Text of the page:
The Air Force expects to continue to grow in 2018 in its efforts to reverse years of downsizing. But massive shortages remain in its crucial pilot career fields — and top Air Force leaders are afraid they’re going to keep growing worse.

The Air Force’s drastically increased recruiting push helped grow its active duty end strength to 322,500 in fiscal 2017. By the end of fiscal 2018, it hopes to get back up to 324,000, which would be its highest point since the 2014 drawdown slashed the service to its lowest level since its creation.

But Air Force Secretary Heather Wilson, Chief of Staff Gen. Dave Goldfein, and other top leaders are sounding the alarm about the worsening pilot shortfall. And they’re warning that if it’s not fixed, it could hurt the Air Force’s ability to wage war overseas.

On Nov. 9, Wilson and Goldfein told reporters that the pilot shortfall — which was previously reported to be about 1,500 — was now nearly 2,000 out of a 20,000-pilot force. Of those, the Air Force is short about 1,300 fighter pilots.

But other pilot ranks are showing concerning signs of worsening as well — the Air Force said it saw the greatest negative trends in its bomber and mobility pilot ranks, though it did not release specific numbers of those shortfalls.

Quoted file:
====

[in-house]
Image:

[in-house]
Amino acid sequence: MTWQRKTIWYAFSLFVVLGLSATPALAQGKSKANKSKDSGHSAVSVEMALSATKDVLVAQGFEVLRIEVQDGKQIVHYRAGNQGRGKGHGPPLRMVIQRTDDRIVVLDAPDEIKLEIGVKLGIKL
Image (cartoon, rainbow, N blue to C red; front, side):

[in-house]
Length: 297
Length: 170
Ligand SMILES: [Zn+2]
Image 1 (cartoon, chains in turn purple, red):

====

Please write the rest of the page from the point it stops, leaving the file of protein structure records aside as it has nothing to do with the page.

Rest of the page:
Wilson and Goldfein have repeatedly raised concerns throughout 2017 about the pace of deployments on the short-staffed Air Force, and the strain it is causing airmen.

“We all know that when you’re home, you’re not really home,” Wilson said in September. “We have been doing too much, for too long, with too few, and that has to change. … It is not fair for this nation to ask our commanders to keep saying, ‘We got this,’ right up to the point of failure, because we don’t got this.”

But the Air Force is reporting progress on one of its longstanding manpower trouble areas: Maintainers. The Air Force has struggled to hold on to its maintainers due to the force management downsizing, sequestration, and other budgetary constraints over the last decade, which “created severe turbulence in aircraft maintenance manning,” spokeswoman Laura McAndrews said.

At its worst, the Air Force reported a roughly 4,000 maintenance shortfall at the end of fiscal 2014. That improved slightly in fiscal 2016 to about 3,400.

The Air Force said that by the end of 2017, that shortfall had shrunk to 400.

However, the Air Force isn’t out of the woods yet on its maintenance troubles. The thousands of new maintainers are still green, and the Air Force said it will take five to seven years to get them enough experience to fully replace the crew chiefs, avionics airmen, and other seasoned maintainers who have left over the years.

Stephen Losey covers Air Force leadership and personnel issues as the senior reporter for Air Force Times.

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